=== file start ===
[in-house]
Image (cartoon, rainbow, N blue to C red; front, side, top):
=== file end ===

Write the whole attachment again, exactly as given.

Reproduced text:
[in-house]
Image (cartoon, rainbow, N blue to C red; front, side, top):